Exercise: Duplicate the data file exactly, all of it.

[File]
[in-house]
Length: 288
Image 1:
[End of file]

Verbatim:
[in-house]
Length: 288
Image 1: